More Heat Waves?

January 29th, 2007 by David
I should know what building this is

   While in Santiago, I was surprised how many people complained about the summer heat (it is summer and Santiago as far south as central California is north). Every morning, my host father would tell me how warm it was going to be that day (‘today it is going to be 95 degrees!’), as if warning me to keep low while out on the streets.

   One of the consequences of global warming is more heat waves. Of course, another consequence is fewer cold spells, and it has been hard for me to say this is necessarily bad. I conducted a few interviews with people on the street in Santiago (recorded in high-resolution video which I can’t post) asking what they thought of the heat, and what they would think if every day in the summer were 5 degrees F warmer. I also then asked if the heat or the cold bothered them more.

Another cyclist navigating the concrete jungle
Santiago's largest building looks like a giant phone (yes, that was planned)

   Most people complained about the heat, but they were more or less split over whether the heat of summer or cold of winter bothered them more. One man, who was from Brazil and working in the park, laughed “It’s not hot here! Come to Brazil – it is hot in Brazil!” On the other hand, though, an older man told me he had high blood pressure and worried a great deal about his health on such hot days. Almost all, except for the Brazilian, said that hotter temperatures in the summer would greatly bother them.

   Is this a real problem, or can we just get used to the heat, and will it be nice to have warmer winters? I myself have wondered this, but, reading through some of the results of heat waves, it really does appear that a warmer earth will be bad for our health. When Europe had a well-publicized heat wave in 2003, tens of thousands of people, mostly elderly, died. There is absolutely nothing comparable to this in cold waves in modern times. Also, warmer temperatures increase smog production, which is another threat to urban health. One study estimated that in California (which has a climate very similar to middle Chile), by mid century, global warming will result in two to three times as many heat-related deaths.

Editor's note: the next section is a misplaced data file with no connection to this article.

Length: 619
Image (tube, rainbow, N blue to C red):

Clearly, there are ways to adapt to hotter temperatures. One is simply being used to the heat (Brazilians do better than Chileans, for instance). One of the best methods, though, and one which would have saved many lives in the European heat wave, is to use more air conditioning. This, of course, uses incredible amounts of electricity, and unless we find non-fossil fuel sources of energy, will only make global warming worse.

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